Gilt Bronzes from Cartoceto di Pergola
The Gilt Bronzes from Cartoceto di Pergola are the only surviving Roman gilt bronze equestrian group. The monumental ensemble was composed of at least two knights, of which only one remains, atop their horses, and two women standing.
Because of its extraordinary archaeological importance, the group has been at the centre of a long controversy between the Soprintendenza per i Beni Archeologici delle Marche and the municipality of Pergola over the location where the bronzes would be preserved. The group was on display at the National Archeological Museum of the Marche, in Ancona, until 1972, when it was moved to the Museo dei Bronzi dorati della città di Pergola, built specifically for this purpose. A compromise solution now moves the original bronzes and replicas between the two sites.
Discovery and restoration
In June and July 1946, hundreds of gilt bronze fragments, weighing hundreds of kilograms, were accidentally discovered in Santa Lucia di Calamello, in Cartoceto di Pergola (Province of Pesaro and Urbino), central Italy. Canon Giovanni Vernarecci, who was at the time the archaeological inspector for the district of Fossombrone, detailed the circumstances of his fortuitous discovery in a typewritten account.
The bronzes were recovered by Vernarecci and Nereo Alfieri, who was the Marche regional inspector of the governmental antiquity department (Soprintendenza alle Antichità delle Marche). 318 fragments were placed together in an attempt to recreate the original statues, and the group was restored in several spurts between 1949 and 1988.
Original placement of the group
The fragments were uncovered not far from the intersection of the Via Flaminia and the Via Salaria Gallica, which is an isolated location, far from urban centres. This unusual collocation has led archaeologists to conjecture that the group was likely removed from its original position and set aside sometime in late antiquity or in Byzantine times — some suggesting that this may have been the result of a damnatio memoriae.
The bronzes' original placement in an urban context is still uncertain. The most accepted hypothesis suggests that the group may have originally rested on a base in some public area (probably the forum of a Roman city near the discovery site). Notable candidates are the Forum Sempronii (Fossombrone), which was closest, Sentinum (Sassoferrato), where the existence a foundry for large statues has been attested, or Suasa, because other large fragments of a similar gilt bronze horse were found there (on display at the Walters Art Museum in Baltimore, see photos  and ).
The group is composed of two horsemen, two women, and two horses. The characters represented likely belonged to a single family of senatorial rank, but certain identification of the subjects has eluded archaeologists. Some have proposed that the group may depict the imperial family of the Julio-Claudian dynasty, which would date the statues to 20-30 AD; the horsemen are thought to be Nero Caesar and Drusus III, sons of Germanicus, while the women would be Livia Drusilla (Germanicus' grandmother) and Agrippina the Elder (Germanicus' wife).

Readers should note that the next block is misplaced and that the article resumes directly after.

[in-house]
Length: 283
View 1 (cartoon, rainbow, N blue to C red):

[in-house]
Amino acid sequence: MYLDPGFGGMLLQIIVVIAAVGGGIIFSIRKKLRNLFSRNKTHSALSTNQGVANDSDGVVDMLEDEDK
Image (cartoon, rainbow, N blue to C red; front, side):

More likely, however, the statues date between 50 and 30 BC and depict members of a prestigious legate's family from the territory in which they were discovered, the Ager Gallicus. Several candidate families have been proposed, including that of Domitius Ahenobarbus, as well as those of Marcus Satrius (senator representing Sentinum) and Lucius Minucius Basilus (born in nearby Cupra Maritima, modern Cupra Marittima, and amidst the senators who killed Julius Caesar).
A further hypothesis proposes that the group may have originally been placed in the Heraion of Samos Island, and that the subjects are the family of Marcus Tullius Cicero, who would be one of the horsemen.
- The best-preserved horseman is a mature man (about 40 years of age), whose clothes (the paludamentum and tunic) identify him as a high-ranking military officer in time of peace, consistent with the position of the right arm, raised in the symbol of peace. Fragments only remain of the other horseman.
- The surviving standing figure depicts an elderly woman, whose hellenistic hairstyle, typical of the second half of the first century, suggests dating the group accordingly. The woman wears a stole and palla. The other female figure is substantially less preserved, as only the lower portions of her body have survived.
- The horses are presented with a raised front leg, which suggests a walking motion. The figures of a triton and a nereid, alongside seahorses and dolphins, adorn each pectoral plate. The harnesses are enriched by metal phaleras on which images of various gods are placed to protect the steed and its owner, including Jupiter, Venus, Mars, Juno, Minerva, and Mercury.
Techniques and materials
A replica intended to reproduce the bronzes' original state is displayed on the roof of the Palazzo Ferretti (site of the National Archaeological Museum of the Marche) in celebration of local archaeology.
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- Museo dei Bronzi dorati e della città di Pergola (English) (Italian)
- Soprintendenza per i Beni Archeologici delle Marche (Italian)